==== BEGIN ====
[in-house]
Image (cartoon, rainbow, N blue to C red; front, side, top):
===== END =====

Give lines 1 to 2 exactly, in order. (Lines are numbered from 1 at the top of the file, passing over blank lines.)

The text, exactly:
[in-house]
Image (cartoon, rainbow, N blue to C red; front, side, top):